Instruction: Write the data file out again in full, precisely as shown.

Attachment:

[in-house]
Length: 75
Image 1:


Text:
[in-house]
Length: 75
Image 1: